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History is history at the Lagan river inns

By Liam Murphy

“I know it has history. But history is history. It’s beside the Lock Keeper’s Cottage and everybody knows the story about this place. Why would I want to change it?” said Lawrence Huddleson who took over the Lock Keeper’s Inn in March of this year.

The Lock Keeper’s Inn, as most people know, is on the Lagan towpath near Shaw’s Bridge

The history he referred to was that of MP Iris Robinson and her affair with Kirk McCambley whom she helped set up in business in the cafe.

The Lock Keeper’s Inn instantly became one of the best known cafes in the land for all the wrong reasons when the story broke in 2010.

As Mr Huddleston said, “history is history.” Not far from the Lock Keeper’s Inn was a well known and well run inn which survived for around 150 years.

The country public houses of long ago, as many  of the older generation remember them, were not rightly referred to as an inn but  had a welcome charm of homely hospitality. The immediate outskirts of Belfast in the good old days had various public houses many of which are now hardly a memory. Many were bought up by the big companies, modernized and extended with fancy lounges complete with stainless steel, plastic and formica, fluorescent lighting and mock facades.

The installation of a manager on a bonus led to price rises and the end of the “one on the house” to begin with which was the generous rule of the day when these establishments were family owned.

One of these rural retreats has its name preserved as “Molly Ward’s Locks”, on the old Lagan canal which linked the River Lagan and Belfast to Lough Neagh. The canal actually owed its existence to the levy of a duty on beers and spirits. In 1753 the Irish Parliament in Dublin passed a bill and the monies raised by the duty enabled the Commisioners of Inland Navigation to proceed with the making of the canal.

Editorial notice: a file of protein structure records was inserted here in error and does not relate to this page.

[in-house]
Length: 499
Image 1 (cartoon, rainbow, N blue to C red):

In 1756 the Commissioners of Inland Navigation for Ireland began work on the Lagan Navigation. Thomas Omer was appointed engineer in charge. In constructing the navigation, Omer opted to improve the existing river channel where suitable and to create a new ‘cut’ or canal where the natural water course followed large loops or meanders. Within a year a navigable channel existed from Belfast to Drum Bridge and by September 1763 this extended to Lisburn.

Work on the canal project began between Lisburn and Lough Neagh on 7th September 1763 and it was hoped that eventually Belfast would be linked with the Shannon. It could be argued that since the canal owed its existence to the levy of duty on beers and spirits that it   should have its public houses nearby to serve those who worked and traded on the canal and so in 1766 a liquor licence was granted to one John Ward, said to be from “near Shaw’s Bridge Malone.”

The exact location of the first public house is uncertain but it is said to have been close to the towpath of the Lagan and near the first lock. The earliest OS maps were made almost  a hundred years later and Molly Ward’s house is marked on it. This may well have been the original public house but we can’t be sure. What is sure is that Irish Revenue police raided Mary Ward’s public house in 1851 in search of contraband liquor (poitín) thought to have been brought from the Armagh/Tyrone district by barge. On this occasion the raid was fruitless. Mary Ward is described in the police records as a widow and was probably the mother of Molly Ward.

The memoirs of John McCoubrey record that “I was interested in Molly Ward’s for I remember her as the proprietress of the public house which her father owned before her. I well remember her dispensing drinks and curds and cream in her little garden. She always wore a clean white apron. She was a kindly soul and the heart of corn and even the boys could get strap when they were short of cash.

“After her death a Mrs Keeley took over the licence and removed to the first lock.

“The McAuley’s got it after Mrs Keeley’s time and removed to a thatched cottage near the boathouse. McAuley had horses and drew lighters up and down the canal.”

Molly Ward’s opened on a Sunday as a “bone fide” house.   Before 1922 certain public houses which served food could legally open on Sundays to serve customers who had travelled three miles.

Although  most of the customers did not qualify under this rule the police turned a blind eye as there was no trouble.

Alas, Molly Ward’s is no more but the name lives on.


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